Something I did not Know About –Mississippi Madawaska Land Trust — From High Lonesome to Blueberry Hill

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Don Johnston and Carolyn Piche from the Mississippi Madawaska Land Trust

 

 

As councillor I am learning about a lot of things I never knew about and last week at the Carleton Place Chamber & District Chamber of Commerce I met Don Johnston and Carolyn Piche from the Mississippi Madawaska Land Trust. Pretty boring stuff you ask? Are you kidding me?

 Did you know that the Mississippi Madawaska Land Trust protects nature and enriches human lives on private lands within our area from Ottawa to Arnprior, west to Highway 41 and south to Highway 7. Blueberry Mountain, which you may recognize as one of Lanark County’s seven wonders which I have written about. (Is this One of the Seven Wonders of Lanark County?

In 2004 concerned about the encroachment of human activity on wilderness, a group of residents in Levant and Dalhousie townships banded together to form a land trust to protect the area’s unspoiled nature.

Landowners whose properties are accepted into the nonprofit trust will be able to ensure that the land is preserved under future owners, by way of easement agreements that will allow the land trust and the current owner to stipulate conditions for the sale of land.

 

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(PHOTO: Michael MacPherson, former MMLT board instrumental in securing the land, Carolyn Canfield, and Ian Campbell, neighbour and long time friend to Carolyn. They’re standing in front of the whaleback formation of glacier-sculpted Canadian Shield. Photo courtesy of Janet Mason.)

In April of 2018 the Mississippi Madawaska Land Trust (MMLT) honoured Carolyn Canfield for her generous donation of the 15.7 acre Whaleback Woodland Reserve in the Carp Hills in West Carleton.

Carolyn gave a passionate speech about the importance of preserving our biodiversity and letting the land evolve naturally. In the photo Carolyn is standing in front of the largest whaleback formation on the property.

 

 

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Inaugural walk: Cathy Keddy, ecologist with the Mississippi Madawaska Land Trust, leads the inaugural walk on the interpreted nature trail on Poole Family Nature Sanctuary, the latest addition to MMLT’s protected property portfolio (photo by Brian Crawford).

The new 110 ac. Poole property, located approximately 8 km southwest of the town of Carleton Place, showcases great examples of natural features that typify the County, but appear little disturbed by human activity. This property is adjacent to the 530 ac. Keddy Nature Sanctuary (KNS), also stewarded by MMLT, bringing the total protected area to 640 acres. November 13, 2018 – The Millstone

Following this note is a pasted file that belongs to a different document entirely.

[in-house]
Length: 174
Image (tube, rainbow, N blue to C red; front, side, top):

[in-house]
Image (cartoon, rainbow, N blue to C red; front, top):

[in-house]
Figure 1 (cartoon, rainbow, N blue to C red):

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For those wishing to go beyond Blueberry Mountain, the Saddleback Mountain ridge adds about an hour of walking time to the half-hour it takes to climb Blueberry Mountain. Bring your lunch and enjoy it on top of Pikes Peak. Don’t forget your camera because the views and the colours are spectacular!

Blueberry Mountain is located at 502 Hills of Peace Rd. near Flower Station in Lanark Highlands. Drive north of Lanark on Highway 511 to Brightside. Turn left on to the French Line Road. Drive toward Flower Station and watch for the right turn when you get to Joe’s Lake. Just before you reach Flower Station, turn right onto Hills of Peace Road.

 

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Remember how I wrote about Paul Keddy months ago? He was the science whiz from Carleton Place High School.

What did Paul become? Paul A. Keddy (born May 29, 1953 in London, Ontario) is a Canadian ecologist. He has studied plant population ecology and community ecology in wetlands and many other habitats in eastern Canada and Louisiana, United States.

He also has a Wikipedia Page. CLICK

Cathy and Paul Keddy, biologists and nature lovers, spent 40 years saving and borrowing to buy a square mile of Lanark County’s most natural land.

Then they too gave it legal protection as a nature sanctuary for 999 years. Well done everyone!!

 

Mississippi Madawaska Land Trust
10970 Hwy 7
Carleton Place, ON
K7C 3P1
613-253-2722

historicalnotes

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The Mississippi Madawaska Land Trust (MMLT) is now the owner of High Lonesome. the land is now trails and the house became a fire house for local firefighters so they could practise firefighting techniques.

Clipped from The Ottawa Citizen, 25 Oct 2013, Fri,  26

 

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relatedreading

Where Are They Now? Paul Keddy of CPHS 1970

The Preaching Rock of Lanark County

A Giant’s Kettle in the Middle of Lanark County

So Where Does the Water come from Under my House?

So What was in That Old Alligator Hole Anyways in Carleton Place?

Lanark Mormons and Mormon Tree?

One of the 7 Wonders in Carleton Place

Where Was Meyers Cave?

Fiddler’s Hill— Where the Green Grass Doesn’t Grow in Lanark

About lindaseccaspina

Before she laid her fingers to a keyboard, Linda was a fashion designer, and then owned the eclectic store Flash Cadilac and Savannah Devilles in Ottawa on Rideau Street from 1976-1996. She also did clothing for various media and worked on “You Can’t do that on Television”. After writing for years about things that she cared about or pissed her off on American media she finally found her calling. She is a weekly columnist for the Sherbrooke Record and documents history every single day and has over 6500 blogs about Lanark County and Ottawa and an enormous weekly readership. Linda has published six books and is in her 4th year as a town councillor for Carleton Place. She believes in community and promoting business owners because she believes she can, so she does.

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